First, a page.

November 28, 2014

Elyria
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Browns know Sunday’s game vs. Bills is a big one

BEREA — Romeo Crennel let the cat out of the bag Wednesday.
“I don’t know if you noticed or not, but there’s a big game this week — in Cleveland,” he said.
The Browns coach had his tongue planted firmly in his cheek as he looked out on a larger-than-normal media contingent. Northeast Ohio has been paying attention and knows the Browns (8-5) are in the thick of the playoff chase and host a pivotal game Sunday against the Buffalo Bills (7-6).
The Browns have been in playoff contention for more than a month, but Crennel refused to look ahead and cautioned his players to focus on the game at hand. That strategy still applies, but the next game could push the Browns into the playoffs. A Browns win combined with a Tennessee loss and a Denver loss or tie would clinch a berth.
“We know what’s at stake, Buffalo knows what’s at stake,” center Hank Fraley said. “It’s going to be a playoff atmosphere.”
“Deep down I know guys have excitement,” receiver Joe Jurevicius said. “But I don’t think we’re to the point where we can let it out. We’ve got to finish the job and we’re still trying to get better placement within the playoffs themselves.”
If the season ended today, the Browns would be the sixth seed and travel to Pittsburgh for the first round. A loss wouldn’t knock them out, but would hurt them in possible tiebreakers.
A Bills loss, however, would all but eliminate them from playoff contention.
“We generally just talk about the next game,” Bills coach Dick Jauron said on a conference call. “But obviously as we get down near the end of the season, it’s pretty clear. We try to be as matter-of-fact with the players as we can. We tell them the consequences of what the next game are, win and lose. Right now it gets pretty clear.”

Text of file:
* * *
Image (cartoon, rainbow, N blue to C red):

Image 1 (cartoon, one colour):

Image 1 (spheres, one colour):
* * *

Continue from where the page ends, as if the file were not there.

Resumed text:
With that reality staring him in the face, Crennel opened up a bit. He didn’t say the word “playoffs” but alluded to them on a couple of occasions.
“From an organization standpoint, we feel good about where we are,” he said. “We know it’s not over. There’s still a lot of football to play.
“This just happens to be the next one. Whatever else happens after that, we’ll take it. We’re excited about being in this position. It’s better than the alternative.”
Browns fans are well-acquainted with the alternative. The Browns went 4-12 last year and have just one winning season (and playoff appearance, 2002) since 1999.
“The biggest thing is we know we have a shot,” receiver Braylon Edwards said. “These last three games are much different from last year’s last three games.
“We’re very focused. We’re trying to continue to take one game at a time, but we know what’s on the horizon if we do well. We’re real excited.”
Jurevicius, who turns 33 on Dec. 23, is a 10-year veteran, three-time Super Bowl participant and team captain. He feels it’s his responsibility to monitor the locker room to make sure the younger players aren’t getting carried away.
“I want the guys to feel the excitement,” he said. “A lot of guys deserve this opportunity we have in front of us.
“But if we don’t work, if we don’t do things the right way and cross the t’s and dot the i’s this week, then we’re going to have a tough time with Buffalo, because they’re right inside this race, too.”
That’s another element that adds to the excitement. The Bills haven’t been to the playoffs since 1999, were expected to be a bottom-feeder in the AFC and have Northeast Ohio natives Donte Whitner (safety, Cleveland) and Lee Evans (receiver, Bedford).
“It’s make-or-break for each team,” Whitner said.
This is the biggest home game since William Green ran the Browns into the playoffs in the season finale in 2002. But the Browns went just 3-5 at home that year. This season, the Browns have built a true home-field advantage with five straight wins after an opening loss.
Whitner and Evans grew up Browns fans and know what the atmosphere will be like Sunday. So does Jurevicius, who signed with Cleveland with the dream of playing for his hometown team in the playoffs.
“My job is to keep the guys focused in here during the work week, then when the city of Cleveland gets out there on Sunday and gets behind the Brownies, then you kind of let it roll,” he said. “That’s when we’ll see everything come to the top.”
Contact Scott Petrak at 329-7135 or spetrak@chroniclet.com.